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US Wiretap Report Released 48

Posted by samzenpus
from the needs-improvement dept.
sTeF writes "According to the 2010 Wiretap Report (Pdf), released today by the Administrative Office of the United States Courts (AOUSC) federal and state requests for court permission to intercept or wiretap electronic communications increased 34% in 2010 over 2009. California, New York, and New Jersey accounted for 68% of all wire taps approved by state judges."
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US Wiretap Report Released

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  • Keep in mind... (Score:5, Insightful)

    by an00bis (667089) on Sunday July 03, 2011 @09:42PM (#36649598)
    That 34% doesn't include the ones you're not supposed to know about.
  • Re:Keep in mind... (Score:5, Insightful)

    by fuzzyfuzzyfungus (1223518) on Sunday July 03, 2011 @09:49PM (#36649624) Journal
    TFS makes that distinction, implicitly. "Requests for court permission". This suggests that even your neighborhood doughnut-eater, and those barely above him on the food chain, are getting hip to this "wiretap" stuff that the kids are all talking about these days. All the cool law enforcement are virtually exempt from even having to bother with a judicial rubber stamp.
  • Re:mob (Score:4, Insightful)

    by gavron (1300111) on Sunday July 03, 2011 @09:58PM (#36649656)

    Did you say something about terrorists? I must have missed where anyone was discussing terrorists*.

    Wiretaps have not and do not stop terrorists, and the number has increased EACH and EVERY year since 2002. These wiretaps have not led to a decrease in CRIME, a decrease in the existence of the mafia (RIAA+MPAA+BSA?) (other than The Sopranos being canceled), or any positive outcome.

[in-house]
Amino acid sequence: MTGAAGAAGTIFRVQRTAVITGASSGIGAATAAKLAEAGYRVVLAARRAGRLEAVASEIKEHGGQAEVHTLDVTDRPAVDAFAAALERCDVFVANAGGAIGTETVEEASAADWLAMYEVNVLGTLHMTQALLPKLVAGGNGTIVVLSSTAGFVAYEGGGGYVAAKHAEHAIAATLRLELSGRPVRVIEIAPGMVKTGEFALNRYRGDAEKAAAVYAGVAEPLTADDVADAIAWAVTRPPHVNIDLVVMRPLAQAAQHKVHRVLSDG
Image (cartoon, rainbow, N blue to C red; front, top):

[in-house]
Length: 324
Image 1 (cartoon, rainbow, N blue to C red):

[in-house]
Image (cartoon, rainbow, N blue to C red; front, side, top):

Judges have REGULARLY allowed law enforcement to "latitude" in excess (abuse) of the 4th amendment.

    I understand it's REALLY EASY to ignore the topic altogether and say "well it's higher in New York and New Jersey so it's ok." However, the Constitution's protections don't have a "some slashdot read thinks it's ok if it's only NY/NJ suffers so let's ignore it" clause. It's EQUAL protection under the LAW.

    I tried to use big letters, because the little letters in the Fourth Amendment seem to have escaped attention.

    E
    *P.S. The "9/11" plane attackers had valid non-expired government issued photo IDs, no weapons, knives, liquids, or were caught on wiretaps. Some of them flew out of JFK (which is in NY). What's the mob connection there? Oh. None? You don't say. So this REALLY is an example of courts giving law enforcement privileges they shouldn't have WHICH IN NO WAY FIGHT TERRORISM, PAST, PRESENT, or FICTION? Got it.

  • Re:mob (Score:5, Insightful)

    by one-egg (67570) <geoff@cs.hmc.edu> on Monday July 04, 2011 @01:09AM (#36650234) Homepage
    The reason terrorism is relevant is because it is regularly used as justification for loosening wiretap restrictions. If the wiretaps aren't actually being used for terrorism, the justification is bogus. Your claim about the rise in wiretaps being due to the rise in electronic communication is completely wrong; in case you haven't noticed the telephone is over 100 years old and has been the normal mode of communication for many decades. If mobiles were the cause of the increase, you'd expect a very high number of "roving" wiretaps, but the report lists only a tiny number. Likewise, online accounts are a poor explanation since wiretap orders can cover multiple technologies. But your worst "reasoning" is in your postscript, where you try to imply that two year-to-year decreases prove there is no upward trend. A glance at the graphe is sufficient to nuke that allegation; it's obvious that there is noise in the data but the trend is upward (and although it's too early to be sure, there seems to be an explosion going on since Obama took office).
  • by littlewink (996298) on Monday July 04, 2011 @01:37AM (#36650326)
    We all know that most wiretaps have no court permission (or have FISA court permission, which is a rubber-stamp operation), so why not provide those numbers too?

    Oh, the gubmint won't release the numbers?

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